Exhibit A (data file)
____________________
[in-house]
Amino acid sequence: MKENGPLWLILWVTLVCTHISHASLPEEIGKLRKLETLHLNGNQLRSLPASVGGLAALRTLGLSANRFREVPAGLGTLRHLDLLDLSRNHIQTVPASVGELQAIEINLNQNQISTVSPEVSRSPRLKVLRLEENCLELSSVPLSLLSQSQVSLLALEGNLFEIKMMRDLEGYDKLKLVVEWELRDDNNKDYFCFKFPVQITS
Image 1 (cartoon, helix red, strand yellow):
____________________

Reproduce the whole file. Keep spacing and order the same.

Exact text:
[in-house]
Amino acid sequence: MKENGPLWLILWVTLVCTHISHASLPEEIGKLRKLETLHLNGNQLRSLPASVGGLAALRTLGLSANRFREVPAGLGTLRHLDLLDLSRNHIQTVPASVGELQAIEINLNQNQISTVSPEVSRSPRLKVLRLEENCLELSSVPLSLLSQSQVSLLALEGNLFEIKMMRDLEGYDKLKLVVEWELRDDNNKDYFCFKFPVQITS
Image 1 (cartoon, helix red, strand yellow):